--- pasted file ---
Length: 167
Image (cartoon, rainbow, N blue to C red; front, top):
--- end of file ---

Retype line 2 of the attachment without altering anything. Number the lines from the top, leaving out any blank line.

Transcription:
Image (cartoon, rainbow, N blue to C red; front, top):